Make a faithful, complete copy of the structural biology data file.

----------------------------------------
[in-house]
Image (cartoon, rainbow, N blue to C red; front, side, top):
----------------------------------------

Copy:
[in-house]
Image (cartoon, rainbow, N blue to C red; front, side, top):